- Bareback riding on the trail
- Stallions allowed
- Green horses - no training of horses on the ride or in camp
- Alcoholic beverages while riding on the trail or during riding hours
- Sneakers, sandals or bare feet while on the trail
- Wearing of bathing suits or inappropriate apparel (shorts, flip flops, etc.) on the trail
19. The Bus is for RIG DRIVERS ONLY. All others (spouses, children, etc.) must wait at the lunch stop.
20. Horses known to kick must wear red tail ribbons at all times.
- At each day's lunch site, a bus awaits the rig drivers to transport them back to their rigs
- Drivers are served first and must board the bus immediately
- Rigs must be packed and ready to move prior to ride out in morning
- Rigs are moved to that night's camp site
- Upon arrival at night camp, do not setup or build camp
- Drivers board the bus immediately to be returned to the lunch site
- All others (spouses, children, etc.) must wait at the lunch site
- If not riding in the afternoon, notify the bus driver and/or other riders, so departure is not delayed by waiting on non-riders
21. No generators running between 10:00 PM and 5:00 AM, except in vicinity of cook wagons. Generators can be annoying, while in camp, be courteous to your neighbors.
22. All pets must be confined to the owner's camp site. No pets allowed on the trail or in food areas. Be a responsible pet owner. Aggressive dogs must be kept on a leash.
23. No firearms of any kind.
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Securing Your Horse
- Start exercising well before ride. We travel approximately 20 miles per day and horses should be able to travel this distance comfortably each day without any signs of lameness.
- As a rider, be sure to be physically prepared for long days in the saddle.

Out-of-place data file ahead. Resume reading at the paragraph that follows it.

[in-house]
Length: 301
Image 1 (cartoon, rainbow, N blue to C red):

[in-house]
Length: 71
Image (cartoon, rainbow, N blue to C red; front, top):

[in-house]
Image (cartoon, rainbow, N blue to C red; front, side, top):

- Shoe horses one week before the ride - on the front feet at least if riding for the whole week. Some people shoe all the way around.
- Consider rubber type shoes, which are good on pavement, crossing bridges, etc. Steel shoes can slide.
- To secure your horse you will need one of the following: Picket line, ground stake rig, temporary electric fence, panels-tied to your trailer or a tree, if a tree is available.
- If planning on tethering, it is recommended that you train your horse to tethering at home. Bring a good book and sit with the horse for the first several hours. It is important that you do not unhook the horse if he becomes tangled in the tether. Guide him to back up and untangle himself. If you unhook, he will continue to look to you to solve his problem instead of thinking his way out of his entanglement.
- If using a portable corrals or hot wire (portable electric fencing), be sure they are stable and your horse is accustomed to being confined by it.
- If using a HiTie system, be sure to allow enough room around your trailer.
Feed, Tack and Supplies
- All horses need to be familiar with sudden, loud noises (cow whips, backfiring, car horns, firecrackers) or traffic and truck engine and brakes sounds.
- Expose your horse to riding in a large group. Be prepared for unusual behavior as they get used to the large group environment.
- Suggestion: Expose them to these noises - firecrackers, gun shots and cap guns can be quite effective.
Keep identification on horse at all times to ensure speedy return in event of runaways
- DON'T FORGET YOUR COGGINS!
- Horses will be working and not grazing much during the day. Provide ¼ to 1 bale of hay per day per horse; smaller amounts if you tether, as grass will be available in the cattle pastures where we camp.
- Either eliminate or greatly reduce grain intake a week or so prior to start of ride to reduce hyperactivity. People often come in with well fed, heavily supplemented horses, who definitely 'feel their oats' at the beginning of the ride, which provide some unexpected excitement. As the horse behaves on the ride, his grain can be gradually increased.
- Do not change horse feed during the ride. This can cause colic. If changing feed, introduce it slowly weeks prior to ride.
- Bring saddle or cantle bags, gall salve, medical supplies of all types including bute, Banamine and electrolytes.
- Bring tack repair supplies, extra lead ropes, halter, tack, blankets, fly spray, buckets for feed and water.
- Account for extended riding by using extra padding behind buckles or wicking blankets to prevent excessive rubbing or chafing. Watch for hot spots!
Riders have needs too
- dogtags with cell phone numbers on halters or horse collars are helpful
Bring something to sit on during lunch breaks
- Bring a rain slicker, sunscreen, lip balm, sunglasses, hat, jackets (light and heavy), gloves and your bathing suit.